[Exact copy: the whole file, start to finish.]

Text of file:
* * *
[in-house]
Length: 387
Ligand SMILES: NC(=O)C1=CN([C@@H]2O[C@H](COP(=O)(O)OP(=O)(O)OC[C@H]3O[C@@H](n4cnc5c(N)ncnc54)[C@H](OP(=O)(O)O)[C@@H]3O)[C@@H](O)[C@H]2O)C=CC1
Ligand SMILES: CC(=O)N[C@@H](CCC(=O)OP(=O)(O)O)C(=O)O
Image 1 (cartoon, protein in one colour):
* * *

[in-house]
Length: 387
Ligand SMILES: NC(=O)C1=CN([C@@H]2O[C@H](COP(=O)(O)OP(=O)(O)OC[C@H]3O[C@@H](n4cnc5c(N)ncnc54)[C@H](OP(=O)(O)O)[C@@H]3O)[C@@H](O)[C@H]2O)C=CC1
Ligand SMILES: CC(=O)N[C@@H](CCC(=O)OP(=O)(O)O)C(=O)O
Image 1 (cartoon, protein in one colour):